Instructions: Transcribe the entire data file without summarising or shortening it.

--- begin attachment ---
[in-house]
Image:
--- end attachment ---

[in-house]
Image: